As the systems person, I do some tasks repeatedly to keep library resources up and running. I have often wished for an easier way to do some of my more repetitive tasks and wondered if I could script them into automation. If I can automate a task, I do. But I am not a hot shot coder and being a smaller library with many hosted services, stuff is coming from many different places and servers (many of which I do not have direct access to) which would make some scripting difficult (or at least it does for me). Then came AutoHotKey!
AutoHotKey is this fabulous program that allows you to create scripts to do typical tasks on your computer. It can run commands, imitate keyboard/mouse strokes, transfer/manipulate files, open programs, and more all by running the script file. For example, I created a script that takes the file I get from our IT department, moves it to another folder, appends the date to a backup copy, runs Strawberry Perl to convert the file to an Aleph friendly format, opens the webpage I need to upload the file to the shared server, opens Aleph, runs the report for patron uploads as a test, and navigates to the Aleph Batch Log so I can see the output. After I confirm there are no errors, I can run a separate script to run the PLIF file to actually update the database.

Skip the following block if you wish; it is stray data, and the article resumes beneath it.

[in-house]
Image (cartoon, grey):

If that sounds like a lot, it kinda is, so you could imagine my happiness at discovering AutoHotKey. If there is anything you do repetitively, AutoHotKey might make your life easier so you can “work smarter, not harder” without having to know much about coding languages.